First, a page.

Involved in the research projects: (1) Eutrofication and toxic substances, (2) Influence of increasing organic input on marine pelagic food webs, (3) Nutrient richness as a selection factor for the occurrence of predation-resistant bacteria in aquatic environments and (4) Importance of the microbial food web and productivity for the occurrence of the tularemia bacterium, Francisella tularensis, in aquatic systems.
Eutrofication and toxic substances
Eutrophication and toxic substances that are injurous to the environment constitute the greatest threats to the Baltic Sea and the Gulf of Bothnia. The effect of each of the two environmental threats is relatively well known. The combined effect of the two has not yet been studied. What happens to the toxic substances dispersed in the ecosystem at differnt levels of eutrophication?
Influence of increasing organic input on marine pelagic food webs
Phytoplankton and bacteria constitute the basic resources for the pelagic marine food web. Due to their varying sizes, they enter the food web at different levels. They also have different cell stoichiometry and molecular composition, indicating that they are of different nutritional food quality.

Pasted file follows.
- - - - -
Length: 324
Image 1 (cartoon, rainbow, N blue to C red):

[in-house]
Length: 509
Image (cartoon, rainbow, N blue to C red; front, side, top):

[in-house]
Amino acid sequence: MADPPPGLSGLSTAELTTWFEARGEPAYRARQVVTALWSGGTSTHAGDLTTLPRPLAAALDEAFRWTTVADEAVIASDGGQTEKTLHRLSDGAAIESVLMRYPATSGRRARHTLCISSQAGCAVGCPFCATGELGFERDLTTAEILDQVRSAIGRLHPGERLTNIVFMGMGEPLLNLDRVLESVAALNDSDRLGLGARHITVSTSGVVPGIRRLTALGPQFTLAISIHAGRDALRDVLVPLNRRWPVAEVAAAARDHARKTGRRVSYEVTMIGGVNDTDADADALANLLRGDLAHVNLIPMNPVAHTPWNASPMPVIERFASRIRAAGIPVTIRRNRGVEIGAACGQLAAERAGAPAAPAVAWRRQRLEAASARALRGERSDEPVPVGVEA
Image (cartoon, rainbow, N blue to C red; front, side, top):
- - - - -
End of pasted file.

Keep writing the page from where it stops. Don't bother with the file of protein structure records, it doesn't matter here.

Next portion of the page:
A global climate change has been predicted to cause increased precipitation in northern Europe, which in turn will cause increased river run-off to the coastal areas. Increased concentration of humic substances and nutrients may promote growth of bacteria rather than of phytoplankton due to decreased light levels in the water. In this project we will study how a change from a phytoplankton to bacterial based food web affect the production of higher trophic levels. The production at higher trophic levels, metazooplankton and fish, may decrease due to increased respiration losses within the food chain and due to poorer food quality of the basic resource. Such changes may be of large importance for the marine ecosystem structure and function. The tasks will be approached by combining empirical experiments and modeling.
Nutrient richness as a selection factor for the occurrence of predation-resistant bacteria in aquatic environments